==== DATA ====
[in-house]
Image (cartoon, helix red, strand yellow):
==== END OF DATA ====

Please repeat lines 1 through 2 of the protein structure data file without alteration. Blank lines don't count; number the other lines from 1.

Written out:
[in-house]
Image (cartoon, helix red, strand yellow):